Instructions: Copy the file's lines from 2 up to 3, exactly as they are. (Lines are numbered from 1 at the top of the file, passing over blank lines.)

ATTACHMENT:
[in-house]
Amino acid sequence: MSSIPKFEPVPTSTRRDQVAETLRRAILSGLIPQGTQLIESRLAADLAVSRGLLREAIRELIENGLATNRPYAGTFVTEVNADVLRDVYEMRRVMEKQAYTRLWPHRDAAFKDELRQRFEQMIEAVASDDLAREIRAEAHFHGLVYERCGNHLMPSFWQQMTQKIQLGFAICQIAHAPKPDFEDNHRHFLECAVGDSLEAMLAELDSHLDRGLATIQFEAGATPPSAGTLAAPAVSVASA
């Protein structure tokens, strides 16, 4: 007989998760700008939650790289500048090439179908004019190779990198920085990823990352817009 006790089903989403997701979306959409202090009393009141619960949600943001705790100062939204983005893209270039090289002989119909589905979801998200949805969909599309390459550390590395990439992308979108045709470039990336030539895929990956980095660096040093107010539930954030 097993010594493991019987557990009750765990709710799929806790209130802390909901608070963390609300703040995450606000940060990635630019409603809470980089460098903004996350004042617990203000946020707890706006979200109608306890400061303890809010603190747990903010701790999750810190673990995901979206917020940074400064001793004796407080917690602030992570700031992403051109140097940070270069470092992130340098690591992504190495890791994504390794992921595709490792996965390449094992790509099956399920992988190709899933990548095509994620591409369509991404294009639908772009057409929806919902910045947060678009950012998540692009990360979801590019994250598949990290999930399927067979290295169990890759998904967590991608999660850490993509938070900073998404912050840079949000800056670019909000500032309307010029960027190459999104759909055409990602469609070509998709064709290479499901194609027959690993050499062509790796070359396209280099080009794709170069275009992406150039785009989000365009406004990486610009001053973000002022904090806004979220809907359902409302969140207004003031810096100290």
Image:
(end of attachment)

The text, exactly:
Amino acid sequence: MSSIPKFEPVPTSTRRDQVAETLRRAILSGLIPQGTQLIESRLAADLAVSRGLLREAIRELIENGLATNRPYAGTFVTEVNADVLRDVYEMRRVMEKQAYTRLWPHRDAAFKDELRQRFEQMIEAVASDDLAREIRAEAHFHGLVYERCGNHLMPSFWQQMTQKIQLGFAICQIAHAPKPDFEDNHRHFLECAVGDSLEAMLAELDSHLDRGLATIQFEAGATPPSAGTLAAPAVSVASA
């Protein structure tokens, strides 16, 4: 007989998760700008939650790289500048090439179908004019190779990198920085990823990352817009 006790089903989403997701979306959409202090009393009141619960949600943001705790100062939204983005893209270039090289002989119909589905979801998200949805969909599309390459550390590395990439992308979108045709470039990336030539895929990956980095660096040093107010539930954030 097993010594493991019987557990009750765990709710799929806790209130802390909901608070963390609300703040995450606000940060990635630019409603809470980089460098903004996350004042617990203000946020707890706006979200109608306890400061303890809010603190747990903010701790999750810190673990995901979206917020940074400064001793004796407080917690602030992570700031992403051109140097940070270069470092992130340098690591992504190495890791994504390794992921595709490792996965390449094992790509099956399920992988190709899933990548095509994620591409369509991404294009639908772009057409929806919902910045947060678009950012998540692009990360979801590019994250598949990290999930399927067979290295169990890759998904967590991608999660850490993509938070900073998404912050840079949000800056670019909000500032309307010029960027190459999104759909055409990602469609070509998709064709290479499901194609027959690993050499062509790796070359396209280099080009794709170069275009992406150039785009989000365009406004990486610009001053973000002022904090806004979220809907359902409302969140207004003031810096100290």